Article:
The guy wasn't just a teen idol-in-training. He was an f'n actor.
And the very best actors have always been anthronauts - literally, "sailors on the seas of humanity" - exploring the uncharted corners of the soul and bringing the breadfruits of this spiritual New World back to nourish those of us who wait on the safer, civilized shores of our own identities.
But, knowing what I know about actors who channel the spirit of their characters, like Mr. Ledger clearly does, I can't help but wonder about the toll it took on him to accomplish... THIS:
Before The Joker, he appeared to be on the path to be a reasonably peaceful & content family man. Then, after locking himself in a hotel room for six weeks to inhabit this most unhinged of all supervillains, he separated from his love and complained that he'd been unable to sleep for weeks.
His brain just couldn't stop spinning.
I believe I even heard that he'd been prescribed Ambien, and it still only helped him sleep for an hour at a time.
Am I suggesting something as crass as "The Joker killed Heath Ledger"? No. What I am suggesting is, when people describe certain actors as fearless, it's not just about doing their own stunts. There are emotional and spiritual costs to doing this sort of work at the highest level.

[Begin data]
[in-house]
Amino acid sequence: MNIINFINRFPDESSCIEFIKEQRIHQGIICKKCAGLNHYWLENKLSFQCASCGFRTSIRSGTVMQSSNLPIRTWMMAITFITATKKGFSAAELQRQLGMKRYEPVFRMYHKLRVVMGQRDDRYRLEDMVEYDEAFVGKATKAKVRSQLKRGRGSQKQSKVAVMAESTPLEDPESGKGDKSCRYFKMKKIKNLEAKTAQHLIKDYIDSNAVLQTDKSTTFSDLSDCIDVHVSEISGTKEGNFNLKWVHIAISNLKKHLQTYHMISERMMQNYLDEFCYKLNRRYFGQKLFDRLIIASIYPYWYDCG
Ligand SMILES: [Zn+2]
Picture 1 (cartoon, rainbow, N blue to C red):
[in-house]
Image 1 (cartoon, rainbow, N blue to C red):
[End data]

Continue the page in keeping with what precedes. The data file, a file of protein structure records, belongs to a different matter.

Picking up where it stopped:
I remember my father wondering out loud about Ricky Williams: "with all that money, you'd think a guy would be able to keep himself off of drugs".
Sadly, Dad, sometimes, for some people, the drugs are the only things propping them up to allow them to even do what they do. Athletes. Rock stars. Movie stars.
Delivering a feeling to millions upon millions of people, night after night, day after day...
Think of it this way: consider how much energy it takes for you to have the relationships with the people you personally know and with whom you maintain a personal connection. Now, imagine if you had to do that for a living, where every single person on the street feels connected to you. Deeply. Personally. Spiritually.
Every. Single. Person.
The best of them give us all so much. Things we simply could not live without, no matter how much we want to dismiss them as inconsequential.
After I got through shouting "WHAT?!?!?" at my computer screen, hoping that if I said it long enough and loud enough, the sheer force of my voice would change the words to anything other than "Heath Ledger Dead at 28"....
After I got over the deep sadness I felt for people like Michelle Williams and his daughter, or even someone like Christopher Nolan, who now has the unenviable task of looking at his friend Heath's face every single day for the next six months while trying to finish editing his movie....
After taking the stream of phone calls from friends who were as astonished and saddened at the news as I was....
After all that mourning....
All I honestly have left to say is "Thank you."
"Thank you, Heath, for the deliveries"
"They were always right on time."
Send some light and love both to him and the people who knew him best.
Good night, friends.